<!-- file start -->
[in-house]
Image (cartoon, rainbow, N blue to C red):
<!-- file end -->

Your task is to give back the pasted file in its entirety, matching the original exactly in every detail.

[in-house]
Image (cartoon, rainbow, N blue to C red):